1. Library Funding

CFO Debbie Bonanno explained the library appropriations. The estimations were based on 1/3 of a mill (Equalized Valuation). She explained how anticipated revenue was determined and stated that because the township absorbs a lot of the library costs, such as employee health benefits, payroll processing, and accounts payable, a cost estimate that the municipality is incurring is given to the library for municipal appropriation. This item is also listed under the expenditures.

Council Member Veech asked if there was any pushback from the library on this year's allocation. Manager Mountain and CFO Bonanno had not heard any concerns. Manager Mountain explained that the library had some questions last year which were clarified. Council Member Carey explained that when new members are assigned to the Library Board of Trustees every few years that is typically when there are a lot of questions and discussions about allocation and out-sourcing services.

2. Reserve for Uncollected Taxes

CFO Bonanno explained the background for this reserve. The total reserve for uncollected taxes is $2,822,355. She explained that the item isn't necessarily an actual expenditure; the purpose is to gross up the levy to be able to absorb any tax appeals or uncollected taxes. She explained that historically, the township has had a strong tax collection rate. In the last five to seven years the rate of collection has varied between 98.6% and 99.94%. To be conservative, the township is anticipating a slightly lower rate for 2022.

Manager Mountain explained that if the township ends up on the positive side of the anticipated rate estimate it can help amp up the surplus. He explained that towns typically get into trouble when they start using reserve for uncollected taxes as a means to avoid a tax increase which can cause shortfalls and cutting into surplus. This leads to towns constantly chasing revenue they cannot get back. He stated that Randolph Township has always been conservative with this line item.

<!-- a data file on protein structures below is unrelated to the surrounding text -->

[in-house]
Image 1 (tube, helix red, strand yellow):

3. Revenue

CFO Bonanno explained that the township's largest anticipated revenue is the municipal tax. There is a slight increase in the proposed 2022 revenues, this was based on the increase in the rateables.

Council Member Forstenhausler asked how much the rateables increased from last year. Manager Mountain stated that it was a little under $140K.

The municipal library fund balance is slightly higher than last year. The township has been able to regenerate the fund balance year after year. CFO Bonanno explained that miscellaneous revenues are department revenues and other consistent items that can be counted on. There is a rule that the budget cannot anticipate more than what was taken in in cash the previous year. She estimated that the amount to be determined would be slightly at or below the amount received in 2021.

The federal and state grants revenue item was determined by what the township was aware of at the time of budget introduction. She informed the council that the township will be getting a $10K Distracted Driving grant. As the budget introduction draws closer, the numbers for this item will be more refined. Usually, with grants, there is an offset between the equal revenue and the appropriation which creates a net zero effect on the budget. She explained how the township benefits from the American Rescue Recovery Grant funds.